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I can not explain the following behaviour:

l1 = [1, 2, 3, 4]
l1[:][0] = 888
print(l1) # [1, 2, 3, 4]
l1[:] = [9, 8, 7, 6]
print(l1) # [9, 8, 7, 6]

It seems to be that l1[:][0] refers to a copy, whereas l1[:] refers to the object itself.

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2 Answers 2

13

This is caused by python's feature that allows you to assign a list to a slice of another list, i.e.

l1 = [1,2,3,4]
l1[:2] = [9, 8]
print(l1)

will set l1's first two values to 9 and 8 respectively. Similarly,

l1[:] = [9, 8, 7, 6]

assigns new values to all elements of l1.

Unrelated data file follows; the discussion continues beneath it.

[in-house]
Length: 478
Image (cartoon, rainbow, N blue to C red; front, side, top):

More info about assignments in the docs.

7

l1[:][0] = 888 first takes a slice of all the elements in l1 (l1[:]), which (as per list semantics) returns a new list object containing all the objects in l1 -- it's a shallow copy of l1.

It then replaces the first element of that copied list with the integer 888 ([0] = 888).

Then, the copied list is discarded because nothing is done with it.

Your second example l1[:] = [9, 8, 7, 6] replaces all the elements in l1 with those in the list [9, 8, 7, 6]. It's a slice assignment.

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  • THanks for your answer. My point is that l1[:] seems to behave like a copy or like a reference to l1, depending on the fact I change a value or reassign the whole list.
    – fcracker79
    Dec 26, 2014 at 16:16
  • 1
    It always makes a copy of l1, except when it's the target of an assignment (your second example), in which case it simply replaces the entire contents of l1.
    – Max Noel
    Dec 26, 2014 at 17:13

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